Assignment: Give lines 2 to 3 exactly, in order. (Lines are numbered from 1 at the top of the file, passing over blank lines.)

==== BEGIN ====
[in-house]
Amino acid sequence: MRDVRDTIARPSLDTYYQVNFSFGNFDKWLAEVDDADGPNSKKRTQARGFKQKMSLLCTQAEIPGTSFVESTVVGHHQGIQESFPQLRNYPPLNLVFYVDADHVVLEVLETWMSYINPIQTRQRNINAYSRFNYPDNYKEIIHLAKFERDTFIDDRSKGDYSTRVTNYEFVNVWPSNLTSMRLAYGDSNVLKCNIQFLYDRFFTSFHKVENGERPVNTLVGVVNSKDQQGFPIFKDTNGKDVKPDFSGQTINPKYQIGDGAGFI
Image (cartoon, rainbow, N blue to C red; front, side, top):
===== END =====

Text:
Amino acid sequence: MRDVRDTIARPSLDTYYQVNFSFGNFDKWLAEVDDADGPNSKKRTQARGFKQKMSLLCTQAEIPGTSFVESTVVGHHQGIQESFPQLRNYPPLNLVFYVDADHVVLEVLETWMSYINPIQTRQRNINAYSRFNYPDNYKEIIHLAKFERDTFIDDRSKGDYSTRVTNYEFVNVWPSNLTSMRLAYGDSNVLKCNIQFLYDRFFTSFHKVENGERPVNTLVGVVNSKDQQGFPIFKDTNGKDVKPDFSGQTINPKYQIGDGAGFI
Image (cartoon, rainbow, N blue to C red; front, side, top):